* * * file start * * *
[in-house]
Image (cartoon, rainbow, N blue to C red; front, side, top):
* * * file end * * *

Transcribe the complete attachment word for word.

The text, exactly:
[in-house]
Image (cartoon, rainbow, N blue to C red; front, side, top):